Ma Bell reigned supreme and long distance calls were something our parents made only on very rare, special occasions or in cases of emergency. The postman was the most anticipated visitor of the day because he brought handfuls of Christmas cards from friends and family from the beginning of December right through to New Year's. A parcel was a special event, wrapped in brown paper and tied with twine. Together, these two entities kept us connected to our loved ones far away.
My parents opened each card with happy anticipation. Every one contained a few words of joy from the sender, and very often a letter. People took the time to tell us how they were and what they were doing. It was their gift to us. In return, my parents would sit for hours at the big walnut dining room table, writing their own good wishes and reporting on our progress. I licked two and three cent stamps to stick on stacks of cheerful greetings before I slid out on the ice and snow to the closest street corner and listened to them plop down to the bottom of the mailbox.
Some cards were even more special than others. One came from the Bowes-Lyons, a couple my parents befriended in their younger years, who lived on Canada's west coast. Their card was special because, my mom told me, they were cousins to Queen Elizabeth, the Queen Mum. Of course, my little eyes popped when I saw that card. It was the closest we would ever come to royalty.
Another card came from a gentleman who always drew an original pen and ink sketch on the front of his card. I can't remember now who he was or where he lived, but his artistry stays with me. He would sketch a modern Christmas scene and always hide a baby Jesus somewhere in the picture. Every year I wanted to be the first to spot it. It was nothing short of a work of art.
Today, some of our greetings come via e-mail, Facebook or Twitter, but are no less special because every sender takes the time to think about us and wish us well. And our time, it seems, is becoming not only our most precious commodity but also our greatest gift to others.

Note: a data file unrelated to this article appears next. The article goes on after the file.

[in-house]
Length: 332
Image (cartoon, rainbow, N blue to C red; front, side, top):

So to all of you dear readers, thank you for taking the time to read my little stories. You make me strive to improve my writing skills and story development. I think of you when I'm staring at a blank screen, wondering what will appear on it when I'm done, and whether you will enjoy reading it. And of course, it's such a pleasure to hear from you too.
From our family to yours, we wish you a lovely, cozy Christmas, a bright, cheerful New Year, and love in abundance.
Jean, George and Waldo
There are times, every now and then, that most people do consider their rear ends, like when it doesn't quite fit in our favourite pair of pants, or when we sit down on something hard, soft, cold or hot. We might notice a jiggling sensation back there when we jog. Certainly, that "pins and needles" feeling can sometimes set in if we sit on concrete for any length of time.
But generally speaking, the hind quarters are innocuous body parts, a favourite subject of British bathroom humour and ranking rather low in the ratings of human anatomy. Let's face it. Our brains are fascinating and complex. Our hearts and lungs keep us alive, for heaven's sakes. Our eyes are both windows on the world, and windows into our souls. Our legs take us everywhere we want to go and our arms bring that which is far away closer to us.
But our bums? They're just there. They are gluteus, and they are maximus. They need very little attention.
So I was shocked at just how pleasant a heated car seat could be.
You see, our old car bit the dust after seven years and we upgraded to one with a heated seat feature. Ha, I scoffed. Like my rump needs some fancy option like that. I've lived this long without a bum warmer. I likely won't ever use it.
And then one frosty morning I pushed that little button on the dash. The one with a picture of a car seat, and squiggly lines radiating up from it. In seconds, a heavenly warmth suffused my entire lower back and tush, and began radiating down my thighs. I could feel my whole body relax. Even my feet and toes, normally blocks of ice in cold weather, began feeling toasty and comfy. This was beyond hedonistic. This was awesome.
Obviously, I'm now a believer. Heated car seats have to be one of the best inventions ever. And to think of all those winters, freezing my butt off in a cold, stiff bucket seat waiting for the dash vents to deliver a trickle of warmth , first to my face, then much later to everything else.